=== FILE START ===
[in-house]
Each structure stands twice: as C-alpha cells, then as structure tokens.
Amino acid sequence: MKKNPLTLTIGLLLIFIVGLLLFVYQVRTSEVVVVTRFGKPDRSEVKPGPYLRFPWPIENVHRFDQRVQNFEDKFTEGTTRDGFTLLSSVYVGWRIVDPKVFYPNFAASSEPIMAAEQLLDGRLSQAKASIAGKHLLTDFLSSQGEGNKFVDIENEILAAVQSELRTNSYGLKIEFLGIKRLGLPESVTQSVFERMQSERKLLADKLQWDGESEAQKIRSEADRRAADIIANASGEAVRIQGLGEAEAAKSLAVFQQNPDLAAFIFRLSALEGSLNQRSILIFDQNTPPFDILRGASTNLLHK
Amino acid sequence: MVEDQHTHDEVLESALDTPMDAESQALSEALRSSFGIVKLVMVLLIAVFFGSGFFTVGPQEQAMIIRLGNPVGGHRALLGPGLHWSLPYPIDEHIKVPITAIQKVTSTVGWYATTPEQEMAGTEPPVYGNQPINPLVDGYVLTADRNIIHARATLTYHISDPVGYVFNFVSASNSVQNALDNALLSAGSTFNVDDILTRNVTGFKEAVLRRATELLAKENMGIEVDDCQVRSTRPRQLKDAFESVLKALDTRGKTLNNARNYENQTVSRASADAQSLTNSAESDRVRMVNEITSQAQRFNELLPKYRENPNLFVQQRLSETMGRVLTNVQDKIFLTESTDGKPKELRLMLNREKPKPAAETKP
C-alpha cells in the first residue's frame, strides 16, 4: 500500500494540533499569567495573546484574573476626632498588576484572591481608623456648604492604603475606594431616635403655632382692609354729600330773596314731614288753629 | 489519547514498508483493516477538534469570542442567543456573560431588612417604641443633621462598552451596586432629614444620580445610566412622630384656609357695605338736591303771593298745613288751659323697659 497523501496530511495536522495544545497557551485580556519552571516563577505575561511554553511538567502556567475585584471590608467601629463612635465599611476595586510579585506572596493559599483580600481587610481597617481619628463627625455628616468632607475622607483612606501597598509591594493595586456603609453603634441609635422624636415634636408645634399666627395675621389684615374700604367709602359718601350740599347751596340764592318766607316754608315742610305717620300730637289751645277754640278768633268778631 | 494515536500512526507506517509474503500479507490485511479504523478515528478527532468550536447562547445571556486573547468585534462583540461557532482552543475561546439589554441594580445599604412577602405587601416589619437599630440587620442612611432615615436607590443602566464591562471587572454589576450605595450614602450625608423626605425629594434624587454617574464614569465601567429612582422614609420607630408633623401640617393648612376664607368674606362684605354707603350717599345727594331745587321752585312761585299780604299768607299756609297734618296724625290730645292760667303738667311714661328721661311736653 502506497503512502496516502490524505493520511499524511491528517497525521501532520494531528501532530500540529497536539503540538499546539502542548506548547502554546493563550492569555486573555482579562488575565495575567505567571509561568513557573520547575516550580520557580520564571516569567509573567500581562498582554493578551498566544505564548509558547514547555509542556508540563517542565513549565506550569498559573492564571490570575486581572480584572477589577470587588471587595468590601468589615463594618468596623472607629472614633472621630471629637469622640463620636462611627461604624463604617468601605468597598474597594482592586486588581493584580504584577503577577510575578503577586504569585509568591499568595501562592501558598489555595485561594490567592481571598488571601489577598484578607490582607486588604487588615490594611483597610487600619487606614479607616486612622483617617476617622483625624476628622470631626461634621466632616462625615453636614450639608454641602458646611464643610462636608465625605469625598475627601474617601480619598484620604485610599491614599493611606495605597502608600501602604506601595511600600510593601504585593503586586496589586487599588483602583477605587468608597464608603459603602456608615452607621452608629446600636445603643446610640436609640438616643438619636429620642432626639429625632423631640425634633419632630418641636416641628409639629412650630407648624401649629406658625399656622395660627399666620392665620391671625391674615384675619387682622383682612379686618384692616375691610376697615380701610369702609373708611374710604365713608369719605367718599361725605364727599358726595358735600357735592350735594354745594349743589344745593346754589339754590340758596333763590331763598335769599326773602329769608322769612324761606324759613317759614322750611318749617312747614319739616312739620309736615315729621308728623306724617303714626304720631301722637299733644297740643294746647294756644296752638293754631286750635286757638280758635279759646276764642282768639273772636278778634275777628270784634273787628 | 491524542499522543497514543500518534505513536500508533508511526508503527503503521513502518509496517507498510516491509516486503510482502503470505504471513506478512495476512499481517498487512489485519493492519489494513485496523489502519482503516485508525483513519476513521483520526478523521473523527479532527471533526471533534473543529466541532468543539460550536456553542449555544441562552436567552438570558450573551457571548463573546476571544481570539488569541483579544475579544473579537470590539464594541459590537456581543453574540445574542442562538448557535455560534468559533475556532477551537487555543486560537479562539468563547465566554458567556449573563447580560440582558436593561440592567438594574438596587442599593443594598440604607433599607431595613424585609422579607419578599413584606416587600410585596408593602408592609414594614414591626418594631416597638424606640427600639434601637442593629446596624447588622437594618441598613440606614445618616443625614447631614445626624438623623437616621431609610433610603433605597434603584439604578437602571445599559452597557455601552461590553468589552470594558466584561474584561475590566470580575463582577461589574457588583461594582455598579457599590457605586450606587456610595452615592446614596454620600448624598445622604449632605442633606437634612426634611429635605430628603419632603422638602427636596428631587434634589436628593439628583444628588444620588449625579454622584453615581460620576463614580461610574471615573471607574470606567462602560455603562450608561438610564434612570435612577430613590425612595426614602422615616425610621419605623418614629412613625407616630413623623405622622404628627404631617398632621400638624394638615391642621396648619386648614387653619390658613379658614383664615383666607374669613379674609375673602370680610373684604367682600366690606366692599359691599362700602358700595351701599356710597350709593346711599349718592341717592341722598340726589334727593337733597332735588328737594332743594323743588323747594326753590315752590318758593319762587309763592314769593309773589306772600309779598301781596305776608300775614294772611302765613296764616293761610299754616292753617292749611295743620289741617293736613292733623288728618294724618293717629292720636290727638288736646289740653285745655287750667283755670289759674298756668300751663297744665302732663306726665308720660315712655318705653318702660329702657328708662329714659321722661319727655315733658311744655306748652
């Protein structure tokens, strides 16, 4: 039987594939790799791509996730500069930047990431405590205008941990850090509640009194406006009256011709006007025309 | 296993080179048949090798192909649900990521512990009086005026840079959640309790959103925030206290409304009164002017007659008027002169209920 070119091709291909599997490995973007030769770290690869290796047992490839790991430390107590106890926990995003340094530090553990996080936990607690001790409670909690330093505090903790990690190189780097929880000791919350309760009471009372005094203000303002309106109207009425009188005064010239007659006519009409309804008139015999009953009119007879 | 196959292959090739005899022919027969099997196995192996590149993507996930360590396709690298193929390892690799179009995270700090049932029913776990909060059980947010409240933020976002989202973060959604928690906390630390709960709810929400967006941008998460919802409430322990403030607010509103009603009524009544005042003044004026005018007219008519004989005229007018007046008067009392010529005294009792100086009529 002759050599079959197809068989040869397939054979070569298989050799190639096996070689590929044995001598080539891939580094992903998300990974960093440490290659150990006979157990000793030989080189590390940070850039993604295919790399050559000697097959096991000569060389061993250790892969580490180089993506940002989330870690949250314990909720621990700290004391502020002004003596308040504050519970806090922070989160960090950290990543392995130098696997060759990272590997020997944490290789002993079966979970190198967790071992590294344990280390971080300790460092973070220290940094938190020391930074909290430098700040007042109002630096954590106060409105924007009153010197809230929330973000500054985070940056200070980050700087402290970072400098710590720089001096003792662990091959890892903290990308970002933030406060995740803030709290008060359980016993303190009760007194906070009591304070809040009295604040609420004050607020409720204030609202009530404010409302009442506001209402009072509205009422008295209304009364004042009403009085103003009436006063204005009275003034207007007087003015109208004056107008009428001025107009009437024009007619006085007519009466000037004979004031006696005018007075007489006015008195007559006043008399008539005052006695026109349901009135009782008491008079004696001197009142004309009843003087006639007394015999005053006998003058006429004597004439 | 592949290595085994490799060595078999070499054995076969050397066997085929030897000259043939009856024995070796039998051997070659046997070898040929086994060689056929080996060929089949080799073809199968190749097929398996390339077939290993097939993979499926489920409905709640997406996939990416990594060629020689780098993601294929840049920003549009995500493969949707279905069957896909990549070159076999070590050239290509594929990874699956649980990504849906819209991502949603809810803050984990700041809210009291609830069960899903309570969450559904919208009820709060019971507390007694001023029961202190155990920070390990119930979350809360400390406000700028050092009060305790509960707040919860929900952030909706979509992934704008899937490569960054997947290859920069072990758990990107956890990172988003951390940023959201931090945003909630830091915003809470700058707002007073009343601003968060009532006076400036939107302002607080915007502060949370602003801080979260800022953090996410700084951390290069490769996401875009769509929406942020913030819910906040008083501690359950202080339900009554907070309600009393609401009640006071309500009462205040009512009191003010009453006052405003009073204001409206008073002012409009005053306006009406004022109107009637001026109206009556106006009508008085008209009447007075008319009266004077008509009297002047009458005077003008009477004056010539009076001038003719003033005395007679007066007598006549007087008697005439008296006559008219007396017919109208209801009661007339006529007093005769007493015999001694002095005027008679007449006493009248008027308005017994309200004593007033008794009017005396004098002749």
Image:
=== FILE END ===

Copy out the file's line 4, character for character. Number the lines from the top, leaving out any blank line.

Amino acid sequence: MVEDQHTHDEVLESALDTPMDAESQALSEALRSSFGIVKLVMVLLIAVFFGSGFFTVGPQEQAMIIRLGNPVGGHRALLGPGLHWSLPYPIDEHIKVPITAIQKVTSTVGWYATTPEQEMAGTEPPVYGNQPINPLVDGYVLTADRNIIHARATLTYHISDPVGYVFNFVSASNSVQNALDNALLSAGSTFNVDDILTRNVTGFKEAVLRRATELLAKENMGIEVDDCQVRSTRPRQLKDAFESVLKALDTRGKTLNNARNYENQTVSRASADAQSLTNSAESDRVRMVNEITSQAQRFNELLPKYRENPNLFVQQRLSETMGRVLTNVQDKIFLTESTDGKPKELRLMLNREKPKPAAETKP